Radioactive Decay

Radioactive decay is the process of the random, spontaneous transformation of a radionuclide by the emission of nuclear radiation

It is 'spontaneous' because we cannot 'make it happen' by changing the conditions the sample is in - such as making it hotter or putting it under pressure. Similarly we cannot stop it happening - that is why nuclear waste is such a problem!

The emission of the nuclear radiation is a purely random event. It cannot be predicted exactly when an atom will decay, only that a certain number will decay in a given time. The mathematics of probability is used for this requires a large number of atoms to be considered. (See half life and radioactive decay series).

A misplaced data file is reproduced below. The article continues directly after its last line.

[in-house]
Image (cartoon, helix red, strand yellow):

Radioactive nuclear decay occurs whenever a nucleus is in an energy-state that is not the lowest possible for its nucleon number. This state may occur naturally (which essentially means that it was created in that state when formed within a star) or by artificial means (neutron or photon irradiation).

The nucleus remaining is called the decay product or daughter nucleus

The rate of decay depends on the number of undecayed nuclei present, so with each decay event there is a decrease in the activity of a radioactive sample.

See here for the five types of nuclear radiation.

See here for the dangers of nuclear radiation.

For a more mathematical look at this - see here